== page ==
Stainless steel suppressors typically cost less than their titanium counterparts but weigh more. On the other hand, aluminum silencers weigh and cost less. While an aluminum suppressor can be durable, it cannot be as resilient as titanium or steel products because it has a lower strength-to-weight ratio. Choose a suppressor with a material that best fits your long-term shooting requirements, expectations, and preferences.
Type of Gun
Naturally, you want a suppressor that fits your gun. For instance, a rifle or pistol suppressor cannot work with a shotgun, and a shotgun suppressor cannot work with other firearms. Also, you cannot use a rimfire suppressor for your centerfire rifle or a suppressor that does not match your caliber. Only a silencer designed for your firearm type can deliver a safe and enjoyable shooting experience.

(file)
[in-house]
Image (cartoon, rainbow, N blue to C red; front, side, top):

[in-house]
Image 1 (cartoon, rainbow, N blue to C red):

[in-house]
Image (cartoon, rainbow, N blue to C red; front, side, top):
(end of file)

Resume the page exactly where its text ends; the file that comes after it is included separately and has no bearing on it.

Suppressors are available at various prices. Several factors, such as brand, build, and material, influence a suppressor’s price. For instance, titanium suppressors are typically the most expensive because the material is highly durable.
Since aluminum suppressors are less resilient, they typically cost less than titanium and steel silencers. However, an aluminum suppressor can still be a good buy if you do not frequently use your firearm and only shoot low-pressure rounds.
Pick the right silencer by first figuring out what you want the attachment to do. For example, do you want the lowest possible gunfire noise or a resilient suppressor that can handle automatic fire? Knowing what you want from a suppressor will simplify finding a suitable product.
How to Attach a Silencer
The first step to attaching a silencer is to check if you have a threaded barrel. If you do not have a threaded barrel, you can thread it yourself or let a professional handle it. Getting your barrel threaded by an expert is a safer option because you don’t have to invest in expensive equipment or worry about mistakes that might ruin your barrel.